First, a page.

Use remote desktop for administration

If you're using Windows XP Pro in your organization, you'll find it offers a feature called Remote Desktop that is based on Terminal Services. Using Remote Desktop you can log onto a system from another machine and your applications and files as if you were sitting there in front of the system locally. While this feature is useful to some end users, it is particularly helpful for administrators who can change server settings; add, modify, or delete users and computers; open a Command Prompt box to enter CLI commands; and even reboot a system.

First, you must enable remote access by doing the following:

  1. Open the Properties dialog box for your server's Computer icon.
  2. Click on the Remote tab and then select the Allow users to connect remotely to this computer option.
  3. You will also need to add any additional users (including non admins) that you want by clicking on Select Remote Users and specifically adding them.
  4. Back out of all of the nested dialog boxes to finish your settings.

To use Remote Desktop you need to be running Terminal Services on your server and have the Terminal Services client available on your remote system. XP has a built in client (mstsc.exe) called the Remote Desktop Connection that you can use. You can use the Run command to initiate that program. You can find this application in the Start menu's Program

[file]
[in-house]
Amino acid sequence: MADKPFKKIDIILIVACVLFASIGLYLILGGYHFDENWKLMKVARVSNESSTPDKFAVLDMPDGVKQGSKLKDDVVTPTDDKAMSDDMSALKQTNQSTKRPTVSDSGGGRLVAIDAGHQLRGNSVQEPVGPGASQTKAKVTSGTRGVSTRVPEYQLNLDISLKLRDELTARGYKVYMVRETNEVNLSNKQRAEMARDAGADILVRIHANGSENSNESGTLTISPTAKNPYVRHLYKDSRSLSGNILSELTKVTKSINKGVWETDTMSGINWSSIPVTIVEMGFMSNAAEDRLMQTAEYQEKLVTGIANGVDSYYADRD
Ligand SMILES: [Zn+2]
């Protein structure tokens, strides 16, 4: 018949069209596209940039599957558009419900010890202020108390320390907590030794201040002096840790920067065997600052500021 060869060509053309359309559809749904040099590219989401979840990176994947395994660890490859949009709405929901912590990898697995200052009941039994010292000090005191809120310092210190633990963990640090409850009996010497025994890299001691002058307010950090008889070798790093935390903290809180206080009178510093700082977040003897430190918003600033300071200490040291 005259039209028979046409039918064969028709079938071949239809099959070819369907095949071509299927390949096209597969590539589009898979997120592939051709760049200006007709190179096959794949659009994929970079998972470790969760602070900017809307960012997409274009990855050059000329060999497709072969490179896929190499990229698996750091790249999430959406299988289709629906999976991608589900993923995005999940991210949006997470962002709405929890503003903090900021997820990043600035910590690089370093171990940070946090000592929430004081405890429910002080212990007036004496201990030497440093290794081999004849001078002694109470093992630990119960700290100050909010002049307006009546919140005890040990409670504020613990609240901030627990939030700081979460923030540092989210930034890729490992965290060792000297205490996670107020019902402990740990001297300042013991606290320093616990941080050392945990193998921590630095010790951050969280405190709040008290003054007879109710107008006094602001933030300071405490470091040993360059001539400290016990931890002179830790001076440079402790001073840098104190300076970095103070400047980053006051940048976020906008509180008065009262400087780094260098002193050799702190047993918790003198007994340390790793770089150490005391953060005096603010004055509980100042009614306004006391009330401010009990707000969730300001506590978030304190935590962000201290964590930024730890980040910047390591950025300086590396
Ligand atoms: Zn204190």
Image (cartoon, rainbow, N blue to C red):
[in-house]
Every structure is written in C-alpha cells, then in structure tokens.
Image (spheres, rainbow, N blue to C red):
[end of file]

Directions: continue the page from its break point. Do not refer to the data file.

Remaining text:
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menu. It's contained in the Communications folder on the Accessories subfolder. You'll see the system display a smaller desktop screen on your desktop, but you can click Connect to go to a full-screen session. With Options you can change your display and input characteristics, controlling screen resolution, keyboard and mouse, connections to printers and other devices, as well as performance parameters such as compression and bitmap caching. Since it's based on Terminal Services, Remote Desktop is well suited for use over even slow dial-up connections.

Barrie Sosinsky is president of consulting company Sosinsky and Associates (Medfield MA). He has written extensively on a variety of computer topics. His company specializes in custom software (database and Web related), training and technical documentation.

This was first published in January 2003

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